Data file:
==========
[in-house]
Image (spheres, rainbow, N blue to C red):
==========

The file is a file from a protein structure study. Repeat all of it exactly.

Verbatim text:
[in-house]
Image (spheres, rainbow, N blue to C red):